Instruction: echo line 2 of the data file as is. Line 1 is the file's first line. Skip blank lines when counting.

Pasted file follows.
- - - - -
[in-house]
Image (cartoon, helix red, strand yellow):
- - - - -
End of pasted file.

Image (cartoon, helix red, strand yellow):